Also, there are three main varieties of this type of grass: Bitter-blue, Palmetto, and Floratum. If your yard is shady, go for Bitter Blue. However, this species is more sensitive to bugs than others. On the other hand, if you can provide your lawn with enough sunlight but prefer to avoid pesticides, your best bet is the Floratum variety.

St. Augustine grass is more tolerant to salty soils than Centipede. Plus, it is the ideal choice for humid and subtropical areas. However, you’ll have to mow it frequently. Also, this type of grass needs fertilizer, especially during the growth period. Make sure the package you pick has plenty of nitrogen. Besides this, you’ll have to inspect your St. Augustine grass more frequently to ensure it stays healthy.

Will St. Augustine Take Over Centipede?

You may be wondering what could happen if you mix the two varieties in your yard. Generally, Centipede tends to be healthier and less susceptible to diseases. However, that doesn’t mean neither of the two types will choke one out. Both turfs grow quite aggressively under appropriate conditions. So, you can rest assured no variety will take over the other, provided that you give them the same level of care and proper watering.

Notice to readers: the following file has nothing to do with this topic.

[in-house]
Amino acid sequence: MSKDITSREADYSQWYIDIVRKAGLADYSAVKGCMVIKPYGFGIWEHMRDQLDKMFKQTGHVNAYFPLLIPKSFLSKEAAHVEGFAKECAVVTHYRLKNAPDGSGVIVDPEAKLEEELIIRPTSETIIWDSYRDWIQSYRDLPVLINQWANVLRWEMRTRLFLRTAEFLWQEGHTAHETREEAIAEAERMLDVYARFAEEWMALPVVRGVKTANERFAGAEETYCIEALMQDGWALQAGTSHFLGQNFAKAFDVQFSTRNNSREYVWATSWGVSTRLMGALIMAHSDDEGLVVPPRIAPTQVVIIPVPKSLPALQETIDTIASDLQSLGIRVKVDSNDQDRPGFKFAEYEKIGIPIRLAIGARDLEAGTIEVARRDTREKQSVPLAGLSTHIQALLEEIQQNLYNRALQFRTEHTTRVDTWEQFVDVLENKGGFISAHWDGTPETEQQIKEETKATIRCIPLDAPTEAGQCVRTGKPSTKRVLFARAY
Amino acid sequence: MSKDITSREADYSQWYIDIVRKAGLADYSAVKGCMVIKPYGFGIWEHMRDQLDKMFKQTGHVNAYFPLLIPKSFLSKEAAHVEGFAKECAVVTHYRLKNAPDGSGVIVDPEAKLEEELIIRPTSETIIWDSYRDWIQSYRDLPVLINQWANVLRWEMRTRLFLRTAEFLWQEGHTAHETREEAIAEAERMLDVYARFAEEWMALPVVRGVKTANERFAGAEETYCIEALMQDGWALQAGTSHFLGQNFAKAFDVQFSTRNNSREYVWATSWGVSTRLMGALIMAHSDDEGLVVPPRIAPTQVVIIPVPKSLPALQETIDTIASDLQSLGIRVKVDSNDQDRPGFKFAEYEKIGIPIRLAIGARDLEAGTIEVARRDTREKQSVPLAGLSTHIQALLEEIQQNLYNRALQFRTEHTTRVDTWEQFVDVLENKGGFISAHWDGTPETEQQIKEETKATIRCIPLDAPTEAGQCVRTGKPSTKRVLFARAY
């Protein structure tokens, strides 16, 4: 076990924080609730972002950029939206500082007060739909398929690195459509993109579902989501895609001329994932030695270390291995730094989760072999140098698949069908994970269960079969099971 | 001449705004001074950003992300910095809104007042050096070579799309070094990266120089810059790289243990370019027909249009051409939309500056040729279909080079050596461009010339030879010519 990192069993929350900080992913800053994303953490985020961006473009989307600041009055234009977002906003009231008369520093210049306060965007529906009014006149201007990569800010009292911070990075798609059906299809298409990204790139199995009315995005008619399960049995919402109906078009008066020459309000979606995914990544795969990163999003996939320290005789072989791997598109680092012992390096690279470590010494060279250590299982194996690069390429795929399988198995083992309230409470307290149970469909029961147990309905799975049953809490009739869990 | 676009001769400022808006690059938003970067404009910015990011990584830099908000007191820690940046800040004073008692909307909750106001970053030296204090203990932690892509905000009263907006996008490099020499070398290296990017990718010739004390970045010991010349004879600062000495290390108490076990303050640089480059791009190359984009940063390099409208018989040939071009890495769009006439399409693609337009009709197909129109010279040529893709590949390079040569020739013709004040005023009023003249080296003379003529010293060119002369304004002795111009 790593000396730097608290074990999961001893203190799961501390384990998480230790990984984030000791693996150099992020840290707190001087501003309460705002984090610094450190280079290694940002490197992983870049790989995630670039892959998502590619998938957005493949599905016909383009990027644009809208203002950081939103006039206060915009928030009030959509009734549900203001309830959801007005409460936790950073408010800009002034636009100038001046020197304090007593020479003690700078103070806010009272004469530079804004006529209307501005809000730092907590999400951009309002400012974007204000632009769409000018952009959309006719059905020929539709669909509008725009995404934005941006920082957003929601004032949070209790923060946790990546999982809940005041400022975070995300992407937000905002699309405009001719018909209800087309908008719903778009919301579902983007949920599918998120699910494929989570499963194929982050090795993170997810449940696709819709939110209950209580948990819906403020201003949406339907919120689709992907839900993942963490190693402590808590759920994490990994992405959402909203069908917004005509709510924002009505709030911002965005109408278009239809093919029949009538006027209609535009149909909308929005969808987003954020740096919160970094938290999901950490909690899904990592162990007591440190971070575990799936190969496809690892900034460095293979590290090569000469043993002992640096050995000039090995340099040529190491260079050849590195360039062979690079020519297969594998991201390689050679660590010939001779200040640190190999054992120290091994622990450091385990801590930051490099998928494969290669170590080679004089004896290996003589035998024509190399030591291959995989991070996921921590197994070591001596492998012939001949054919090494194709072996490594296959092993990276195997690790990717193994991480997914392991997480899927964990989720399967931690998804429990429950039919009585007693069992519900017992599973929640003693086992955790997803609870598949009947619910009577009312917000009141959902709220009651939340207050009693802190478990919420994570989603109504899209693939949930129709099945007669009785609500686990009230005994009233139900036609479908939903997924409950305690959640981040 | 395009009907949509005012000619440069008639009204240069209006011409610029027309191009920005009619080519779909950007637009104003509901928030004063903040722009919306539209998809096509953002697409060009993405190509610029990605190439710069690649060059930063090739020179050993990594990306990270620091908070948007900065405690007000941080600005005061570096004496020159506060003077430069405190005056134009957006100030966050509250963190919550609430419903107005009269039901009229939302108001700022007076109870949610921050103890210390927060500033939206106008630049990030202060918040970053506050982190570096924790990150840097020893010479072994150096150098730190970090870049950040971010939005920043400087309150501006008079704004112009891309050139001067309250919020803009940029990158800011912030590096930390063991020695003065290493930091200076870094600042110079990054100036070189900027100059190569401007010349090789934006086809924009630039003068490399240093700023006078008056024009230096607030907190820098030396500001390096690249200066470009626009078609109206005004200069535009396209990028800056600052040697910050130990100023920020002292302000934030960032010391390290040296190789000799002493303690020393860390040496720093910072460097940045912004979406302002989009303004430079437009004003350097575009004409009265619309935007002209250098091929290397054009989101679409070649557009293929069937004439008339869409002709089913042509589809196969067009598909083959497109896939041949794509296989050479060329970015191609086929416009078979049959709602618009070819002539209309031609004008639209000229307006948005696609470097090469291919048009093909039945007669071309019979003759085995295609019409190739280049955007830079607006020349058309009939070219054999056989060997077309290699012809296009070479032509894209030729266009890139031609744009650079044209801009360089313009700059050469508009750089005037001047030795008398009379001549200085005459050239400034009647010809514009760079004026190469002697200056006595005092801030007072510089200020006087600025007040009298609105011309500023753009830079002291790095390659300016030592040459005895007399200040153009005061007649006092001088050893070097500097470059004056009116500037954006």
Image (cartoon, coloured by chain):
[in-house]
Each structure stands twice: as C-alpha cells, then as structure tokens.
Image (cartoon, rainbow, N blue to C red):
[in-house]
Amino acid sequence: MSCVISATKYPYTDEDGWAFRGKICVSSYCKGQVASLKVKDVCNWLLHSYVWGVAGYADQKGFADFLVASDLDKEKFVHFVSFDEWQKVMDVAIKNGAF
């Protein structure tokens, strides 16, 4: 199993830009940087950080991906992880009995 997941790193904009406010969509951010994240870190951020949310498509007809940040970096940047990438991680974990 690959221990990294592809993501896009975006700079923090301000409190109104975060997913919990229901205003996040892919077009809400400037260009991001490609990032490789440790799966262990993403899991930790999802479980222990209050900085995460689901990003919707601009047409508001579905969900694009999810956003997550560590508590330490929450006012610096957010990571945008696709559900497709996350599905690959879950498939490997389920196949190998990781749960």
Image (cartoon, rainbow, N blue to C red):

Related article: Should you fertilize St Augustine grass in winter? 

St Augustine Grass vs Centipede: The Bottom Line

The choice for the ideal turf for your lawn doesn’t only depend on your taste. It also has to do with your climate and soil conditions, as well as the amount of sunlight you can provide your grass. Of course, both varieties come with their benefits and drawbacks. However, under the right circumstances, both can thrive in warm climates.

If temperatures are not an issue and you would prefer not to spend too much on your lawn, go for the Centipede grass. It is less expensive and simpler to maintain.

On the other hand, if you would rather have thick and dense grass, regardless of the effort you’ll have to invest, St. Augustine is your best choice, especially if you prefer a lawn that lasts longer.

For both types, make sure you keep an eye on your turf to detect as soon as possible any signs of disease or insect damage to minimize the consequences and act promptly.